Romberg balancing test

History and use

In 1853, a German ear specialist named Moritz Heinrich Romberg developed a test to diagnose diseases through balance assessment. Today this “Romberg Test” is used by clinicians as a non-specific test of neurological or inner ear dysfunction.

These clinical tests have been modified and are now used by police officers in field sobriety testing. The Romberg test is not one of the Standardized Field Sobriety Tests, but it is widely used by the police.

 

 

Mechanics of the test

The basic Romberg Test has subjects stand with their feet together, hands at their side, their head tilted back, and their eyes closed.

Out of this basic format several variations have arisen. These variants are sometimes referred to as the “Sharpened” Romberg or the “Modified Position of Attention.” These variants may include standing heel to toe rather than feet side by side, holding the arms straight out in front of the body rather than touching the sides of the body, tilting the head back, estimating when 30 seconds have elapsed, and standing heel to toe with the head back, or standing in the basic Romberg position while performing the finger to nose test.

Clinically, the degree of sway is used as an assessment of certain illnesses, aging, exposure to drugs or toxins, injury, fatigue or stress. In a clinical setting, a positive Romberg test is considered to be an actual loss of balance.

 

 

Establishing a baseline is critical

In a clinical setting the test is always performed with the eyes open at first, in order to establish a performance baseline. In Law Enforcement, the amount of sway is assumed to correlate to alcohol impairment, without the establishment of a baseline.

However, the key to reliability in the Romberg Test hinges on whether a nexus between normal performance and alcohol-induced performance has been established. The measurement of a normal baseline performance for the test subject is critical in the determining whether there is a change from normal performance and whether any change can be attributable to alcohol ingestion.

Since determining a baseline performance is virtually impossible in a law enforcement setting, data on the normal range of performance for the general population is essential. However, it is well known that “balance tests of various sorts show large individual differences in the performance of sober individuals.”

 

 

Varying results show that the test is unreliable

The use of the Romberg Test as applied in law enforcement has been studied with 104 subjects, ages 18-52. The subjects stood with their feet together and their arms down at the sides, and maintained that position while an officer gave instructions. The officer’s instructions were as follows:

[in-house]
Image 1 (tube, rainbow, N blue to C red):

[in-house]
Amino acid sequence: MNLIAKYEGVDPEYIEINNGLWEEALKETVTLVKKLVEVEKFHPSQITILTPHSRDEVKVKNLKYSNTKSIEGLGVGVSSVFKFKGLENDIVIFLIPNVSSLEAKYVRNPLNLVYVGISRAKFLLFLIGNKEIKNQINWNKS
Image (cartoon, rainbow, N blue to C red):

Do not start the test until I say ‘begin’; tilt your head back slightly and close your eyes; when I say ‘start’ keep your head tilted back with your eyes closed until thirty seconds have elapsed; and when thirty seconds have been estimated bring your head forward, open your eyes, and say ‘stop.’

The officer was instructed to be sure that the subjects understood the procedure, and to keep track of the time while the subjects performed the test. The officer also was instructed to ask the subject “How much time was that?” when the subject opened his/her eyes. Data was collected on the amount of sway, eyelid flutter and accuracy of time estimation.

All subjects estimated the elapse of 30 seconds time within +/- 23 seconds; only 4.8% estimated 30 seconds at exactly 30 seconds, 78.9% (cumulative) estimated within +/- 10 seconds, 87.5% (cumulative) within +/- 15 seconds.

Only 28.9% had no eyelid flutters; over 71% exhibited eyelid flutters. 56.7% had a sway of 1-2 inches, with almost an equal distribution of the remaining percentage between subjects who swayed over 2-4 inches and subjects who swayed under one inch.

This degree of variation among the general population is expected. Also, increased body sway can be present for a variety of reasons, including weight, age and physical condition.

The Federal studies also seem to indicate that the Romberg test is unreliable in identifying individuals who are over a 0.08% BAC. In a Florida study there were 53 evaluations where the battery of three Standardized Field Sobriety Tests were not given or were augmented by the Romberg and the Finger to nose. In the 7 cases where drivers were actually less than a 0.08%, 4 were incorrectly arrested as being over a 0.08%, for a 43% accuracy rate.